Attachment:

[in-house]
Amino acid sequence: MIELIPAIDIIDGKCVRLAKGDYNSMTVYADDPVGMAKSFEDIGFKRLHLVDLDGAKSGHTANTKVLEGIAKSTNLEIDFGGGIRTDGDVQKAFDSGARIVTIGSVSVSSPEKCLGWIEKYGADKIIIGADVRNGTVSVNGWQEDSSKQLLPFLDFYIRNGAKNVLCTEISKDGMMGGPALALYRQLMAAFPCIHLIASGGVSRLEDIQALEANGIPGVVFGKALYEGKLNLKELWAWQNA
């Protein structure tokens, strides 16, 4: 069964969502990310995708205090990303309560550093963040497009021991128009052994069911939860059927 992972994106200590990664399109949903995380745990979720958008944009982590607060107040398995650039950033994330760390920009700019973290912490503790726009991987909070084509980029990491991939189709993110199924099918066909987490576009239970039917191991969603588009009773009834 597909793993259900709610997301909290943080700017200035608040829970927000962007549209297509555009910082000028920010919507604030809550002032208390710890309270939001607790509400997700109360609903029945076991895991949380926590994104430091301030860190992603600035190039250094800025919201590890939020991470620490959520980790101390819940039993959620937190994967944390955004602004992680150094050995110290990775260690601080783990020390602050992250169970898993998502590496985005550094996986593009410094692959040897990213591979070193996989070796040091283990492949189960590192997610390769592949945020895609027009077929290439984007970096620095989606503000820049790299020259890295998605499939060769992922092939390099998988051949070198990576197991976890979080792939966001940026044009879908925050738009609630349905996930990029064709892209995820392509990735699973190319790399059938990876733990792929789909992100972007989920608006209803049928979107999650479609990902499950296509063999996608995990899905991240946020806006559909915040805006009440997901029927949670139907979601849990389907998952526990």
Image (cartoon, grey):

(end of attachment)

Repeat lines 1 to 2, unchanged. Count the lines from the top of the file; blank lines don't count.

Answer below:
[in-house]
Amino acid sequence: MIELIPAIDIIDGKCVRLAKGDYNSMTVYADDPVGMAKSFEDIGFKRLHLVDLDGAKSGHTANTKVLEGIAKSTNLEIDFGGGIRTDGDVQKAFDSGARIVTIGSVSVSSPEKCLGWIEKYGADKIIIGADVRNGTVSVNGWQEDSSKQLLPFLDFYIRNGAKNVLCTEISKDGMMGGPALALYRQLMAAFPCIHLIASGGVSRLEDIQALEANGIPGVVFGKALYEGKLNLKELWAWQNA